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For some purposes, the method is sound.

What's in use is generally what's correct, or what will become correct if it's used long enough. Even if it's not strictly correct, if it's very commonly used it's still usable, people will understand it, and few will react to any inaccuracies. If it's very popular, it's simply good enough for most purposes.

If you are writing something where you really need to be correct, looking at what's popular is not a sure method to find that out. Something that is incorrect can still become more popular than the correct form.

In the case of "website", it's not so clear what's correct, as a website is a rather abstract phenomenon. If you think of it as a site on the web, "at" would be correct, but if you think of it as a page on the web, "on" would be correct.

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Something is sound if, and only if, it the premises are true and the conclusion necessarily follows from the premises.

If you're using the number of results returned to determine proper usage, there might be a high correlation between number of results and usage, but it's not a sound method. For a counterexample, consider the British and American spellings of words: if color had more results than colour, inferring that color is the proper word and colour is wrong would be incorrect.

If you're using the number of results to determine popularity, it's not a sound method, either. Firstly, the number is without context: to provide meaning, you'd need something else to compare it to. When you start doing that, you run into the problem mentioned above. If you're inferring that because it has over n results, it must be popular, realize that Google only provides a basic estimate that can change due to a number of different factors, including doing something as simple as browsing page 2 of the results.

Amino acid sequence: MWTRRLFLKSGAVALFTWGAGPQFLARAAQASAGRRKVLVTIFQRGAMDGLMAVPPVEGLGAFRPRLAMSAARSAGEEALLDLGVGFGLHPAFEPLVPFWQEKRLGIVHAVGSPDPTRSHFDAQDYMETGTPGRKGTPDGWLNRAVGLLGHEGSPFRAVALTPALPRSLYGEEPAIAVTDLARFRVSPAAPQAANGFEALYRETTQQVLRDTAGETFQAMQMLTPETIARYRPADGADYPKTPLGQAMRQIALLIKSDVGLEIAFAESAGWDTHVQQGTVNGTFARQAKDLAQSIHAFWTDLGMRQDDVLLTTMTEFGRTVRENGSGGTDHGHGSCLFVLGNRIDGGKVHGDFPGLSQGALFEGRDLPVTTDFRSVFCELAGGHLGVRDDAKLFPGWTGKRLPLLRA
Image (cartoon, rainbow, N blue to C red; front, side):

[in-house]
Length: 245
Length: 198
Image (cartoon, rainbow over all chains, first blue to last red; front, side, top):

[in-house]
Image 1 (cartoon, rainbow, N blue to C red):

Additionally, certain keywords are given undue weight due to their SEO value; a historical example is the keyword "mesolthelioma": a relatively obscure term for malignant tumor that caused by exposure to asbestos. It's particularly popular in search results because of the high settlement rate for asbestos exposure compensation cases.

Keywords like that highlight the reality of Google results: they're not the sum total of human knowledge and are subject to gaming. The only sound conclusion one can reach from the number of Google results is that Google has indexed a lot of pages that contain or relate to that keyword, not that the term is particularly popular or that it's correct.

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I think a key point missed by the answers so far is that in the examples you listed:

  • The papers are freely available at the journal website.
  • The papers are freely available on the journal website.

The subject is "The papers" is the subject, and "website" is the direct object (and now I'm second guessing whether direct object is the correct term).

So it seems to me that the papers exist on a website. If an address had been given instead then at would be appropriate.